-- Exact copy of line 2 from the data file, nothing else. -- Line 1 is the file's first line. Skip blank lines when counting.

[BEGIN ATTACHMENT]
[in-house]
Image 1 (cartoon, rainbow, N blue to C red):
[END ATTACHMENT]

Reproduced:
Image 1 (cartoon, rainbow, N blue to C red):